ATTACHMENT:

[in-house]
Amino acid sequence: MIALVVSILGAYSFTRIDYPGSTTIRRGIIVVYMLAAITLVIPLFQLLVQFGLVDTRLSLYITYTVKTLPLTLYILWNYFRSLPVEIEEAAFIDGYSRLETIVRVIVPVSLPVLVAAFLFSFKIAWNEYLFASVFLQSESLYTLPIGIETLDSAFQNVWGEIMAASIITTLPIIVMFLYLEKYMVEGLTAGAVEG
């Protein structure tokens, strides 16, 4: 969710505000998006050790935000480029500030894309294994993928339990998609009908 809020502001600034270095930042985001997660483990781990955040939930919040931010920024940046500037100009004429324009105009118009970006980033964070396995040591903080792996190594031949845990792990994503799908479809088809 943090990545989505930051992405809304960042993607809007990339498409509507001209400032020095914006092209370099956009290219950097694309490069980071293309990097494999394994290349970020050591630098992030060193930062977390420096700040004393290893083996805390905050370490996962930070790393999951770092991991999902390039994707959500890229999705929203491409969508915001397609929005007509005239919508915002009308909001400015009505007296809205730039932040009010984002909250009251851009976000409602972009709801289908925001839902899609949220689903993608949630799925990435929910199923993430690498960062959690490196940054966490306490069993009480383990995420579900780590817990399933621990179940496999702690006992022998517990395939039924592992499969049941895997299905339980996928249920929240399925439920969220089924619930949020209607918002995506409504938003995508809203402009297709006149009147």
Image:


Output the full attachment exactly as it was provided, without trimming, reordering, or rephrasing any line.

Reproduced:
[in-house]
Amino acid sequence: MIALVVSILGAYSFTRIDYPGSTTIRRGIIVVYMLAAITLVIPLFQLLVQFGLVDTRLSLYITYTVKTLPLTLYILWNYFRSLPVEIEEAAFIDGYSRLETIVRVIVPVSLPVLVAAFLFSFKIAWNEYLFASVFLQSESLYTLPIGIETLDSAFQNVWGEIMAASIITTLPIIVMFLYLEKYMVEGLTAGAVEG
């Protein structure tokens, strides 16, 4: 969710505000998006050790935000480029500030894309294994993928339990998609009908 809020502001600034270095930042985001997660483990781990955040939930919040931010920024940046500037100009004429324009105009118009970006980033964070396995040591903080792996190594031949845990792990994503799908479809088809 943090990545989505930051992405809304960042993607809007990339498409509507001209400032020095914006092209370099956009290219950097694309490069980071293309990097494999394994290349970020050591630098992030060193930062977390420096700040004393290893083996805390905050370490996962930070790393999951770092991991999902390039994707959500890229999705929203491409969508915001397609929005007509005239919508915002009308909001400015009505007296809205730039932040009010984002909250009251851009976000409602972009709801289908925001839902899609949220689903993608949630799925990435929910199923993430690498960062959690490196940054966490306490069993009480383990995420579900780590817990399933621990179940496999702690006992022998517990395939039924592992499969049941895997299905339980996928249920929240399925439920969220089924619930949020209607918002995506409504938003995508809203402009297709006149009147």
Image: